Waste heat recovery is the process by which heat that would otherwise be lost in processes is recaptured and used elsewhere, improving the energy efficiency of the facility. According to the U.S. Department of Energy, “It is estimated that between 20 to 50% of industrial energy input is lost as waste heat in the form of hot exhaust gases, cooling water, and heat . . . .” This is just one example. Depending on the way in which a facility is set up, there are numerous examples of how to maximize waste heat recovery. This article will cover some broad examples involving chiller, manufacturing, and healthcare processes.
Chiller Waste Heat Recovery
In a typical cooling system, a chiller produces a controlled source of chilled water. In normal operations, the heat emitted from a chiller’s condenser is pushed out into the atmosphere. By installing a heat recovery system on a chiller, the heat that normally goes out into the environment could be captured and repurposed to preheat the facility’s domestic hot water system. The larger the chiller, the more energy can be saved.
Steam Boilers in Manufacturing
A variety of manufacturing processes waste heat. Steam boilers found in manufacturing facilities are excellent for waste heat recovery projects. One of the most critical times to recover heat is in the winter. The heat from manufacturing processes can be captured and repurposed to heat the building. The heat recovered could also preheat the air intake from the boiler, increasing the internal water temperature.
Prism Energy Services recently proposed a waste heat recovery project for one of our manufacturing customers. The customer’s boiler is used for steam generation for process and space heating. Operating 8,232 hours per year, the boiler produces 36 million lbs of steam annually. The condensate tank in the boiler room has a constant steam blowdown from the boiler, which is discharged into the atmosphere.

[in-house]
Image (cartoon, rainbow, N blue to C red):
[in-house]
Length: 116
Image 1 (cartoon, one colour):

By using best practices to maximize waste heat recovery, Prism expects the customer will save 26,133 therms of natural gas annually, which is about $28,500 a year in energy cost savings.
Energy Recovery Ventilation
Energy recovery ventilation (ERV) is the process by which the energy produced to exhaust air within a building is exchanged to treat or precondition outside air in the HVAC system.
One of the most critical ERV examples is within hospitals. In a previous article, we discuss the importance of hospital indoor air quality. Hospitals must bring in 100% fresh, outside air for health and safety purposes. Considering this, winter is a period of a lot of energy loss. Cold air, which must be reheated to reach desired thermal comfort levels, will be brought into the building. By maximizing waste heat recovery through ERV, fresh air intake can be reheated faster and by using less energy.
Waste heat recovery is an excellent way to save energy and money. Waste heat that would otherwise be lost can be captured and repurposed to improve energy efficiency. Maximizing waste heat recovery for chillers and manufacturing and healthcare facilities are only a few examples. Depending on the how a facility is set up, both standard and customized waste heat recovery solutions can be implemented.